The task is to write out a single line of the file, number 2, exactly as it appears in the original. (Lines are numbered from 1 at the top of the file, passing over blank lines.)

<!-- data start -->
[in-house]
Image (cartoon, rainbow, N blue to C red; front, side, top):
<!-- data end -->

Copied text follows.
Image (cartoon, rainbow, N blue to C red; front, side, top):